While some analysts predicted as much as a 4 percent increase in sales during the 2012 holiday season, actual figures show only a 0.7 percent rise. The effects of Hurricane Sandy and consumers fears over the fiscal cliff are to blame, according to some experts.
Regardless of whether sales were up a little or a lot, one thing remains true no matter what the economy is like - people will return gifts.
A recent Chicago Sun-Times article quoted AlixPartners' Joel Bines who believes that free shipping and free shipping on returns removes a major hurdle to many shoppers' interest in returning or exchanging unwanted or ill-fitting gifts.
If you are planning to return a gift this year, there are a few things to keep in mind.
Different stores have different return policies.
Some stores are very accommodating, and will accept returns of virtually anything, with no need to give a reason. Other stores require the original packaging, a receipt and a valid reason. There is nothing worse than taking a gift to a store and having to drag it back home since you forgot a part or don't understand their return policy. Visit a store's website or call their customer service department before you brave the crowds.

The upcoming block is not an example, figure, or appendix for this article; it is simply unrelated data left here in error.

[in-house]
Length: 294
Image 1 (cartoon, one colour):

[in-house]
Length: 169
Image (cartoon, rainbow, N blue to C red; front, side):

Return shipping may not be free.
While many retailers have waived return shipping fees to improve sales this year, traditionally the consumer is responsible for those fees. If you got an inexpensive gift, it may not be worth it to spend money to return it. Donate the item to a local nonprofit, or find another use for it.
Search for hidden fees.
Some stores (both on-line and brick and mortar) impose fees for items that are open, especially electronics. If you've ever seen an "open box" sticker on an item with a reduced price, you now know where that discount comes from.
Have you returned any gifts this year? Had a harrowing or pleasant experience doing so?
Share your experiences with your fellow Patch readers in the comments section below.